I’m at home as much as possible. I’ve never taken a trip during the break. I mean, all we do is travel, travel, travel and to spend three or four consecutive days at home in the middle of the summer is something I always look forward to. It’s my mid-year detox. I usually make no plans. I just love hanging with my family and our dogs. Catch a movie, maybe watch a couple innings of the All-Star Game. Try to recharge the batteries.

 

How do you spend your time during the offseason?

I do as little “work” as possible. I don’t do any other sports. Because I broadcast 180-190 baseball games a year, I try to take the whole winter off to spend time with my family and to do all the things I can’t do during baseball season. I play tennis a lot, go to movies and rock shows, read books, watch a ton of NHL games and just generally be “on vacation.” It’s a unique lifestyle in that I go from zero to 60 and then back to zero every six or seven months but I wouldn’t have it any other way. Oh, and yes, I do jump on the laptop every single day in the off-season to check up on baseball news. That’s ingrained in my soul.

 

After you’d become a baseball broadcaster, what was the one big thing about the job that’s true but you totally did not expect going in?

It’s hard to pinpoint one thing but I guess I’d say the amount of physical and mental energy it takes to do the 162-game grind. I deal with fatigue at certain points in the season and I’m just talking for a living. I can’t imagine how tough that is on a manager and coaches and players who are out there competing every single day. The baseball season is unrelenting. We have many stretches of 20 days without a break and while being at the ballpark every day is the coolest thing ever, it does require an incredible amount of mental stamina. The other thing is just the impact baseball has on people on a daily basis. Our voices are heard in homes and hospitals and bars all over the place every single day and so the bond that is created is pretty powerful. I felt that way towards my favorite broadcasters growing up but I never considered being that person on the other end of it with whom fans connect. It’s humbling and overwhelming to think about. And I take that responsibility very seriously.

 

What baseball announcers do you most admire, both retired and currently active, and why?

I always start this answer with Ernie Harwell, for a bunch of reasons. His voice was my childhood. I listened to Ernie and Paul Carey all the time (Fun fact: I later worked for Paul’s nephew Mike Carey at WMMI Radio in my hometown). I loved Ernie’s laid back, down the middle style. He also was a renaissance man—an author and a poet. He just seemed like the coolest guy ever. And when I got to meet him, he was the nicest person too. He was the broadcaster I always strived to be like. In terms of today, there are way too many great broadcasters to name, most of whom are good friends of mine. I would say the broadcasts I probably enjoy the most are the Giants — both radio and TV. Kruk and Kuip [Mike Krukow and Duane Kuiper] are amazing together, and I think Jon [Miller] and Dave [Flemming] on radio are as good a listen as there is. Again, not to slight anybody else. I just always find myself tuning in when they’re on.

 

What’s are some of the things, or maybe even the one big thing, you wish ordinary fans knew about your job?

I think the main thing is that we often have information that fans at home don’t have and base our opinions and analysis on that information. Because of our access, we are able to talk to players and managers and coaches who give us background information, some of which we can use and some we can’t for strategic reasons.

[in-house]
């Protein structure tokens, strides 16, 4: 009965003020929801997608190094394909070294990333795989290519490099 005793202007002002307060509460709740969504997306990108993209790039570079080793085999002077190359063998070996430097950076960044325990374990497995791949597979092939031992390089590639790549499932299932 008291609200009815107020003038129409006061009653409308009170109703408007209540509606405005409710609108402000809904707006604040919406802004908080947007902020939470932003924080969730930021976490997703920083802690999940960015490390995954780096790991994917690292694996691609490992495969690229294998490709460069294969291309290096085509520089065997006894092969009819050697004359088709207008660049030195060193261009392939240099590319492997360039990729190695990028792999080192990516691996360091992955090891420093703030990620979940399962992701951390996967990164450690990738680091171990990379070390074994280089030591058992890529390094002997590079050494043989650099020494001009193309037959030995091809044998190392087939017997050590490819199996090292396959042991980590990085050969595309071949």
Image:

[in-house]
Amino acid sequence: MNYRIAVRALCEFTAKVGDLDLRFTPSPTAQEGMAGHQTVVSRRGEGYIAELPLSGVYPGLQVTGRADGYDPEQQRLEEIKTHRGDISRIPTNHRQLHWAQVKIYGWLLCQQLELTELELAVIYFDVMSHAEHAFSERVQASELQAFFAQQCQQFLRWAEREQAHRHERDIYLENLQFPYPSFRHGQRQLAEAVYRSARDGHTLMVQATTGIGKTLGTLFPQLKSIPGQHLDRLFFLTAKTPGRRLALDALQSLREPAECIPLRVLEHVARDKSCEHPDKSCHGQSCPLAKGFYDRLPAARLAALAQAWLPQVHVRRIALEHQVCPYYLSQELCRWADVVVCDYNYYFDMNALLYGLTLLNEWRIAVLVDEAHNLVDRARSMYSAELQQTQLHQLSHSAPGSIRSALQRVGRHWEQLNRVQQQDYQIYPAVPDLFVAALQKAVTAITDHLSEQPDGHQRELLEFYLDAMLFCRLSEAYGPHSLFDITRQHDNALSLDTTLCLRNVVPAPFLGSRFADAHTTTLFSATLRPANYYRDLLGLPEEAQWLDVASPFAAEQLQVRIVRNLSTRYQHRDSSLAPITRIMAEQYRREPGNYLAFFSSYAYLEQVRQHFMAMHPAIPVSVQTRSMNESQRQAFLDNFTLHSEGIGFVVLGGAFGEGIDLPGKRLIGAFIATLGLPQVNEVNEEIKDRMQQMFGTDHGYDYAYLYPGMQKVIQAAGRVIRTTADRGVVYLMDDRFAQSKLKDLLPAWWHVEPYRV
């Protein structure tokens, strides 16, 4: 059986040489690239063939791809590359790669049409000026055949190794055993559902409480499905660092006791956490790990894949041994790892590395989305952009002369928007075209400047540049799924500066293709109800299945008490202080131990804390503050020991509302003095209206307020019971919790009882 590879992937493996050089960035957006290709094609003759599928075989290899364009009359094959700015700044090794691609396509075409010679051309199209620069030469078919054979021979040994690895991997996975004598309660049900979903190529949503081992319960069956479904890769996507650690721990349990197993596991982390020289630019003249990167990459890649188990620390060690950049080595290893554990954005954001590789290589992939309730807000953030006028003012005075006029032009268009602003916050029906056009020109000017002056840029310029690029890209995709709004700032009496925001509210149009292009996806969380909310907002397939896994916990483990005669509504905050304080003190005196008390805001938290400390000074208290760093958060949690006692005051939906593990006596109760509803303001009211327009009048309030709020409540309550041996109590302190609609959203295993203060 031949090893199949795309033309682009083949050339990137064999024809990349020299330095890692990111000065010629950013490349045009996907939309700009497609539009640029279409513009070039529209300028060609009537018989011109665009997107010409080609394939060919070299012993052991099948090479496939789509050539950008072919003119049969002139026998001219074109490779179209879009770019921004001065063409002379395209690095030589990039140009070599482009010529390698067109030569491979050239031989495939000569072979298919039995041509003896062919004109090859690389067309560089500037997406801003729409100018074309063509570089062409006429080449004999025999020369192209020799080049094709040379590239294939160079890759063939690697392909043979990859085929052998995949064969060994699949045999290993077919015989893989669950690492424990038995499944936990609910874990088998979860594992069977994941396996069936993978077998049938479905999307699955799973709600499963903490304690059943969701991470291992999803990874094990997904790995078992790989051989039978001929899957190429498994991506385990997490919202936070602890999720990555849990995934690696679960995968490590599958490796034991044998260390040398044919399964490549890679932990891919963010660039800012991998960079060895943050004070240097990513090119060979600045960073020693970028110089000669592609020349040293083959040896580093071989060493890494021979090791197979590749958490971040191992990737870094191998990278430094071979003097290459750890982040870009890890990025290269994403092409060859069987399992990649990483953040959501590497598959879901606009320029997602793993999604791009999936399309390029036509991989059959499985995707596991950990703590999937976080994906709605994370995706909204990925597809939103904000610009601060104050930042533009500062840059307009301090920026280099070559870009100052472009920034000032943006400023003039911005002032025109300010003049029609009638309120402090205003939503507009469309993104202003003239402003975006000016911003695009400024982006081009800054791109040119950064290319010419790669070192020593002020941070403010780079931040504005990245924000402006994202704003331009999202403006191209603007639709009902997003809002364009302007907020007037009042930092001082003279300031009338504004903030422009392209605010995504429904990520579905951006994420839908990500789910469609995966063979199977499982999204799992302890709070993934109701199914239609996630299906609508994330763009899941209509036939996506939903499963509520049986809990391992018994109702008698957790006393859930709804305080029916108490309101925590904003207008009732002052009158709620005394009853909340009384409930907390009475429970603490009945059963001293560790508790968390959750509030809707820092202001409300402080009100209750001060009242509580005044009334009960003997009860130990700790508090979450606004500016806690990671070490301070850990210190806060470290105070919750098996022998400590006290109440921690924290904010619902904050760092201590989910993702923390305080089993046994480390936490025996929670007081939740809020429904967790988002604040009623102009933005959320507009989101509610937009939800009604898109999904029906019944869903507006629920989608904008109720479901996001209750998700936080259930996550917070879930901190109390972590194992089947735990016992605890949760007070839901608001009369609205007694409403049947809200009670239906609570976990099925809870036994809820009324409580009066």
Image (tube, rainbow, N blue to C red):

I love that baseball lends itself to second-guessing and managing at home, but there is always a reason for everything a manager does. We often get labeled “company men”, but here’s the thing: we are in the position to be able to explain WHY managers do what they do in certain spots. I think an essential part of our job is to tell fans “This is why Joe likes to do X.” Fans may fundamentally disagree with the strategy or methods, but one of our main jobs is simply to explain. Yes, we do have our opinions, but calling the game is much more about the what, where, how and why than it is the knee-jerk reaction mode. Fans can rant and rave all they want. But I don’t watch games to hear the announcers do a shock jock talk show. I want smart, insightful, fun and informative, first and foremost.

 

If you were the King of Baseball Announcing and you could make any changes or improvements to the broadcasting profession or the process, what would they be?

Number one, I’d advise all broadcasters to be at least generally knowledgeable about modern technology. I don’t think it’s required to be on Twitter or Facebook, but there’s nothing worse than hearing a broadcaster act like it’s something from outer space. If Baseball’s goal is to cultivate new fans, we cannot thumb our noses at technology.

I think Twitter has changed our world fundamentally in that we are all—at least those who use it—immediately accessible to fans. It used to be you’d get a hand-written letter from a fan who sent it two months ago to the ballpark and you’d only get it after the team’s marketing department sorted it and delivered it to the booth. Now, it’s instantaneous. That scares some people, which I get. Some broadcasters don’t want to be taken to task for an opinion (or maybe even a fact) in real time. And yes, that can be a distraction. However, there is a happy medium between interacting with fans on Twitter and acting like you’ve never heard of it. There’s nothing that makes you sound more out of touch than taking uneducated shots at Twitter.